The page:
Performer: Peter Gabriel
Songwriter: Peter Gabriel
Original Release: Peter Gabriel (Security)
Definitive Version: Plays Live, 1983
Being a Fiji pledge at Wabash wasn’t all bad. There were some good guys in the house, at least when they weren’t lining us up in the basement. No matter how much you might hate the actives as a whole, you couldn’t hate some guys.
One of those guys was Tommy, who was a junior. I don’t think he had it in him to be a jerk. He was funny and cool and loved the newfangled MTV channel that was on almost exclusively on the house TV in the basement.
One night, as a particularly lame party—meaning few women showed up—wound down, a few guys ended up crazily dancing around the room to this song on the stereo. Tommy was the instigator. God only knows how much he had to drink that night.
Other times, the parties were pretty good, like the one where I met Corrie. Corrie was an Alphi Phi at Butler, a sophomore (an older woman!), and we hit it off right away.
Corrie was known around the Fiji house, because she had dated a pledge from the previous year who had transferred to Indiana, so apparently she had a thing for Wabash Fiji freshmen. I didn’t care as long as I was the only one who fit that description at the current time.
Anyway, Corrie and I began dating almost as soon as I got to Wabash, just before the hammer was brought down on the pledges. In fact, a couple of guys in the house made a road trip to Butler—Tommy was one, as was I—the night before Hell Night, and Corrie told me later that someone pulled her aside and told her not to tell me what was about to happen.
We dated for a couple months, and it was nice to have someone who was around—and particularly who wasn’t, so I had an excuse to get the heck away from the Fiji house on party nights. The freshman, of course, had to clean up—immediately as soon as the party was over, regardless of whether it ended at 1 or at 3. And one can clean up puke in the bathroom only so many times before you start to look for any excuse to not be around.
On the nights where I went to see Corrie, which was most of the time, we’d then spend the night at her parents’ house in Brownsburg, which was just off I-74 in between Indianapolis, which, of course, is where Butler is, and Crawfordsville, Wabash’s home. Two things I remember was that her dad was mayor of Brownsburg and he home-brewed beer, which made him the first person I knew of who did that.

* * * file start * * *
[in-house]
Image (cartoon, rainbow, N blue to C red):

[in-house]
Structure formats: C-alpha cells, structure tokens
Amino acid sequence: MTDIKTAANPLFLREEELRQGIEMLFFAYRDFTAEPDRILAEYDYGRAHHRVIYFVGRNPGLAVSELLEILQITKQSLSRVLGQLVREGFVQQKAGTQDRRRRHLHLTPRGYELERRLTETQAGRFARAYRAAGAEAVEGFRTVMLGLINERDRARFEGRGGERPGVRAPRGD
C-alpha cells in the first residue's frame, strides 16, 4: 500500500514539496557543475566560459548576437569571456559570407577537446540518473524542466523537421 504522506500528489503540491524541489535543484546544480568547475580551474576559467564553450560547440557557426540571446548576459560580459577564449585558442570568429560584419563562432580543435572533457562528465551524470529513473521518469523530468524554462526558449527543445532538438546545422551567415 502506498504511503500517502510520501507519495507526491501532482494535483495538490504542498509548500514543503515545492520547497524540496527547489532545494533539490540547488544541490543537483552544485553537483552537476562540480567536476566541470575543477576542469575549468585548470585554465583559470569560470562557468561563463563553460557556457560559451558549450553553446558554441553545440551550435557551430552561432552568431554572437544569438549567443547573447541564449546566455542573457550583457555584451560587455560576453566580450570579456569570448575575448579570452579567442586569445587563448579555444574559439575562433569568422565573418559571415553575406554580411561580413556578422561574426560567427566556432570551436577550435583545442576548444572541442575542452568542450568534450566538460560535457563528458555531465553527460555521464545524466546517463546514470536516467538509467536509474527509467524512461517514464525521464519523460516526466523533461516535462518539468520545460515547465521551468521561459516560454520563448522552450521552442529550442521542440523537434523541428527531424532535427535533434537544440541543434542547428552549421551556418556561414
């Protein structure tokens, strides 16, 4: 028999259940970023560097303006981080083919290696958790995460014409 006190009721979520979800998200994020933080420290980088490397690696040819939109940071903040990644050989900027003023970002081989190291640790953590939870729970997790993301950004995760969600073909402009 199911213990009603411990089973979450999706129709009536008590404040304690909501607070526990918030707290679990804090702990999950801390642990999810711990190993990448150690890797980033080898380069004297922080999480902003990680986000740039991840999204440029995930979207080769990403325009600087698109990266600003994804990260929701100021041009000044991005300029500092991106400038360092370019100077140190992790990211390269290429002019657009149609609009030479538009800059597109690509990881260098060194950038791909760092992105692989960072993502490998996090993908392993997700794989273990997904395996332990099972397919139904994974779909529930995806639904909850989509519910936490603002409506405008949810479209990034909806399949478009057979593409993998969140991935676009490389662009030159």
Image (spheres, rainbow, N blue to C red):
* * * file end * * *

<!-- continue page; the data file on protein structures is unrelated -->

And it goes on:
When we spent the night there, we stayed in separate bedrooms, of course. However, on the nights when she’d come to Wabash, we slept together, which was a first. There was no sex, well, OK, we didn’t go all the way (she was too chaste or I was too inexperienced to make it happen or a combination of both), but it still was kind of nice.
By October 1982, our relationship had run its course. She was a Michigan fan; I was Ohio State (at the time), so there was that. But more important, I had reconnected with Beth.
Actually, we never really unconnected, but when I went to Wabash, I played down our relationship, because, one, I didn’t want my fellow pledges to have to memorize her name—a requirement at any moment was to run down a fellow pledge’s information or have your rules ripped—and, two, yes, I wanted to play the field a bit.
Beth was a prodigious letter writer, and I loved getting them, but we never talked on the phone, because I knew we’d have no privacy—a pledge sat at a nearby table all night to answer the phone and take messages—and, as I mentioned, I wanted her to be on the down-low.
Well, one night, Beth took it upon herself to call, and I couldn’t deny to myself that I loved her … even if I didn’t say it out loud. So, I couldn’t two-time her.
The next time Corrie and I saw each other was the last—a fall barnyard party around Butler. I was quiet most of the night, because I had to figure out how to deliver the bad news. Well, it turned out, she did it for me. She also reached the conclusion that we weren’t going anywhere, and it was time to move on. I concurred, and I thanked her for our time together.
And in all seriousness, and in retrospect, I still feel grateful for that time. Corrie was a very positive outlet—about the only one—at a time when I really needed one.